Decrease Font Size Increase Font Size
Login

Military Photos




Civil WarHeadquarters Army of Northern Virginia, Sharpsburg, MD, September 18, 1862. Mr. President: On the afternoon of the 16th instant the enemy, who, you were informed on that day, was in our front, opened a light fire of artillery upon our line. Early next morning it was renewed in earnest, and large masses of the Federal troops that had crossed the Antietam above our position assembled on our left and threatened to overwhelm us.
They advanced in three compact lines. The divisions of Generals McLaws, R. H. Anderson, A. P. Hill, and Walker had not arrived the previous night, as I had hoped, and were still beyond the Potomac. Generals Jackson's and Ewell's divisions were thrown to the left of Generals D. H. Hill and Longstreet. The enemy advanced between the Antietam and the Sharpsburg and Hagerstown turnpike, and was met by General Hill's and the left of General Longstreet's division, where the contest raged fiercely, extending to our entire left.. The enemy was driven back and held in check, but before the divisions of McLaws, Anderson, and Walker - who, upon their arrival on the morning of the 17th, were advanced to support the left wing and center - could be brought into action, that portion of our lines was forced back by superior numbers. The line, after a severe conflict, was restored and the enemy driven back, and our position maintained during the rest of the day. In the afternoon the enemy advanced on our right, where General Jones' division was posted, who handsomely maintained his position. General Toombs' brigade, guarding the bridge over Antietam Creek, gallantly resisted the approach of the enemy; but his superior numbers enabling him to extend his left, he crossed below the bridge, and assumed a threatening attitude on our right., which fell back in confusion. By this time, between 3 and 4 p.m., General A. P. Hill, with five of his brigades, reached the scene of action, drove the enemy immediately from the position they had taken, and continued the contest until dark, restoring our right and maintaining our ground. R. E. Lee, General Commanding His Excellency President Davis Richmond, Va.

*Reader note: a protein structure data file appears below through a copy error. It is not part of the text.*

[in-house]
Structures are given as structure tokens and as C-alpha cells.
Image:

Note: by General Robert E. Lee


Comments

Display Order
Only logged in users are allowed to comment. register/log in
Related Links
Military History
Forum Posts

Military Polls

Should active duty military members speech be censored in public?

[ Results | Polls ]

Votes: 204

This Day in History
1864: Confederate General Sterling Price's raid on Missouri nearly turns into disaster when his army is pinned between two Union forces at Westport, near Kansas City. Although outnumbered two to one, Price managed to slip safely away after the Battle of Westport, which was the biggest battle west of the Mississippi River.